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Comment Subjective viewing quality (Score 1) 361

After comparing the 499kbit H.264, and Theora video clips of Big Buck Bunny, clearly H.264 looks better. At this bitrate, there is obvious degradation in both samples, however H.264 is much more watchable. Theora struggles with flat areas such as text, and there is an unacceptable amount of artifacts around these elements. Perhaps in time, Theora will mature to the point where it can compete.
Microsoft

Submission + - Microsoft withdraws Vista "kill switch"->

l-ascorbic writes: "In what they are calling "a change of tactics", Microsoft have removed the controversial kill switch from Vista SP1. This feature is designed to disable pirated copies of the OS, but had led to numerous reports of it disabling legitimate copies. It will be replaced with a notice that repeatedly informs the user that their OS is pirated."
Link to Original Source
Microsoft

Submission + - Windows Vista "Non" Downgrade Clause

Pissed Off writes: Alright, so I bought a brand new DELL computer and opted for Windows Vista Ultimate. Figuring that Vista Business and Ultimate both come with downgrade rights I figure that I should not have a problem. None the less, the computer arrived and it got unpacked. So I started doing some tweaking and tuning and then timed the start up only to discover that my old computer running Windows XP blew my Windows Vista rig out of the water!

The old computer specs: Pentium M 1.4GHz / 60GB 7200RPM / 1GB RAM
The new computer specs: Core 2 Duo 2GHz / 100GB 7200RPM / 2GB RAM

So I did what any sane person would do and turfed Windows Vista and started installing Windows XP. In order to attain my downgrade rights I called Dell and asked them about this and they told me to call a 1-800 number or the Microsoft Volume Licensing department where they pretty much told me that since I have an OEM copy of Vista that my reseller (Dell) should assist me. Since then I have been back and forth with Dell and Microsoft and have not reached a solution.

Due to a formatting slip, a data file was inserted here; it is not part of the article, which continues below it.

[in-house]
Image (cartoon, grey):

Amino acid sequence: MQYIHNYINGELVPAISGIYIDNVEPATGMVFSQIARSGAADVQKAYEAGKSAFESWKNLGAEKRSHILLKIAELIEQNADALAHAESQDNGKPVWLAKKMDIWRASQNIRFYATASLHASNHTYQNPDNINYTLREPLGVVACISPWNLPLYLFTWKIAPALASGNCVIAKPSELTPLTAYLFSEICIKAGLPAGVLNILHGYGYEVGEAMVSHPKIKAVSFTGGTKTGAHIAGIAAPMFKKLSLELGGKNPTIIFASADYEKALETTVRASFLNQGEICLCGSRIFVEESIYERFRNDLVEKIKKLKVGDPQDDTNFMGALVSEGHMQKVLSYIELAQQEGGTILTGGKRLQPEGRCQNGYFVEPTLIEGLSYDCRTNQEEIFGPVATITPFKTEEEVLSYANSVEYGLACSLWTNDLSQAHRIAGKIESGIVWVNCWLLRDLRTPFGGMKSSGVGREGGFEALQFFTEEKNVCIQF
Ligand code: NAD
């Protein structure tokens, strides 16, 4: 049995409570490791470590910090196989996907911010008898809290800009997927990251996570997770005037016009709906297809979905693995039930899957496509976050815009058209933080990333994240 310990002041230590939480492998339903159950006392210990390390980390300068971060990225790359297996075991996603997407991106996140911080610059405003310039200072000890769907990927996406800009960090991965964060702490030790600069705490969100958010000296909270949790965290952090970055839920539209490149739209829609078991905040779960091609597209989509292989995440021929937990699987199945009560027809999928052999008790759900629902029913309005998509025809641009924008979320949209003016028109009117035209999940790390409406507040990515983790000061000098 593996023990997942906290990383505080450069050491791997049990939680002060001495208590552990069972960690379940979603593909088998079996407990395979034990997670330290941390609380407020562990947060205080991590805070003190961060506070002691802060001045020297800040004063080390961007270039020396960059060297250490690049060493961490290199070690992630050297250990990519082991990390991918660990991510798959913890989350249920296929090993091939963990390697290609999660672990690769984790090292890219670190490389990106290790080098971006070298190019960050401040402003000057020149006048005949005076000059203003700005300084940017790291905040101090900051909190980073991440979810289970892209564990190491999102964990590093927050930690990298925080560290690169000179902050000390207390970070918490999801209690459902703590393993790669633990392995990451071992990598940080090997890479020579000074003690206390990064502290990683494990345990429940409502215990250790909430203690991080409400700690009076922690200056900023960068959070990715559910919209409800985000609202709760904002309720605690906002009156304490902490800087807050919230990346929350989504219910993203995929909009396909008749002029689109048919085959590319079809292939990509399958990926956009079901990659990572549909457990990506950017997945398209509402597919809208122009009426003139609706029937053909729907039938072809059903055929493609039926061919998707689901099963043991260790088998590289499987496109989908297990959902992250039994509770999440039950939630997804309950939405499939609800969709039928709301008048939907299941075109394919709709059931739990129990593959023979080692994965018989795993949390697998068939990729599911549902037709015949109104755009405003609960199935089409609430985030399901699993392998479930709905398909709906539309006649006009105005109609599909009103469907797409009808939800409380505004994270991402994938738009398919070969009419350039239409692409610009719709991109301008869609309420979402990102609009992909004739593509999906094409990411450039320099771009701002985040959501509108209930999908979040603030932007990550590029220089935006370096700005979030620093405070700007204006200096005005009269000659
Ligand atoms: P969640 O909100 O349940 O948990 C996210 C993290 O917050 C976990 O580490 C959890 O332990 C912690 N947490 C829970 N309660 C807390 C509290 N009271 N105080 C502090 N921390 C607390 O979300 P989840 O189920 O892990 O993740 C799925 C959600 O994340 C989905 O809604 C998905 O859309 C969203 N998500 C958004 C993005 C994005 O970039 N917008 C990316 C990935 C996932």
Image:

After digging around I found a couple web sites describing the whole downgrade process. Some going as far as suggesting that I call and explain to the Windows Activation team my issue and that they should take care of it and activate my computer. So, I just got off the phone and sure enough they told me that the CD Key that i used (legitimate) has already been activated on another computer and that it is licensed for only one system.

This issue is still pending a resolution and neither Dell nor Microsoft seem to be much help! Has any one else out there gone through this with success or lack there of??? I have not yet tried to downgrade my Windows Vista Ultimate retail box... I wonder what Microsoft's excuse will be then >:|

My beef is that no where in the End User License Agreement does it say that I have to:

a) provide my own media (Volume License, Retail, OEM System Builder)
b) provide my own cd key (and not an OEM key)

Had I known that I would not have bothered with Vista and gotten my notebook with Windows XP right out of the gate.

Now I'm faced with the costs of returning my laptop at my cost and then having to wait another 2-3 weeks in order to get the replacement.
Patents

Submission + - Microsoft Wants Patent on Indentation

theodp writes: "Throw some text in a worksheet, make the columns small, and color the cells to denote a hierarchy. Like this. That, my friend, may constitute patent infringement for the next twenty years if the USPTO grants Microsoft the patent it's seeking for Minimizing Indenting (actual patent image). Just one more example of how Microsoft's lawyers are making the world a better place through more joyful and inclusive design."
Software

Submission + - MPAA Steals Code, Violates Linkware License

GRW writes: "TorrentFreak reports that the MPAA is using blogging software, called Forest Blog by web developer Patrick Robin, in violation of the "linkware" license. They have removed all links and references to the Forest Blog website, and have not purchased a commercial license. Is this a case of "Do as I say and not as I do"?"
The Courts

Submission + - Blizzard officially files against WoW Glider